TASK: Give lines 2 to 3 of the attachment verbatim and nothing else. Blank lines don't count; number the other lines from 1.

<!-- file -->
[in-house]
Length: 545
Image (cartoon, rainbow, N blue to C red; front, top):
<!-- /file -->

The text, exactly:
Length: 545
Image (cartoon, rainbow, N blue to C red; front, top):